I did the job with my Sony RX10 and I was delighted. No muss, no fuss. Lots of live view. Lots of electronic levels. Lots of megapixels. Lots of depth of field. And, I know I should have shot every single thing raw but I sure liked the way the camera unbent previously straight lines and added some detail to the shadows via a slight introduction of DRO. That, and a good tripod and I'm ready to rock the architecture. Although I must admit that I had a little help from Mr. Reflector Panel and Mr. Shoe Mount Flash (bouncy, bouncy!). I've been shooting stuff like this for a long time and I must say that I was a little surprised at just how good the new technology is. The Sony RX10 is an amazing camera. I am even more amazed that so many otherwise knowledgeable people are immune to its (obvious to me ) charms.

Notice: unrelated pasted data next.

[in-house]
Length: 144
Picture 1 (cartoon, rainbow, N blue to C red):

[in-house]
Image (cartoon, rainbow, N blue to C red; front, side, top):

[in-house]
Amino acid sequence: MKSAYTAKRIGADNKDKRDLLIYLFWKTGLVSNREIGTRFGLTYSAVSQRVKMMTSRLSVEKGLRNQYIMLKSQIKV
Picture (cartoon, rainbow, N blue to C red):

Bolstered by that success I started using the RX10 for a number of studio still life jobs where I found the combination of a very sharp and flexible lens, an enormous depth of field at f5.6/8 and a dense sensor with a one hundred ISO setting to be......little short of miraculous. I've been shooting servers at angles. An angle across the front and probably a 30-40 degree down angle. The camera is able to hold focus and still give me amazing sharpness and low noise/no noise. I'll admit that though I've produced still life of product and technical stuff for decades mastery of the view camera made things relatively easy (where keeping things sharp front-to-back was concerned) but the full frame digital cameras always seemed to vex me with a combination of niggling issues.The first niggle is that most of the well corrected lenses are generally the macros in the 50-120mm range and at the distances we want to shoot the apertures required for satisfactory depth of field seem to range in the f16-22 range. And that brings up the second niggle: that densely packed, high resolution sensors tend to add their own diffraction to the diffraction provided by stopped down lenses. I'm going to guess it's a pretty circular conundrum regardless of format but the "one inch" sensor cameras seem to hang on to sharpness and depth of field at around f8.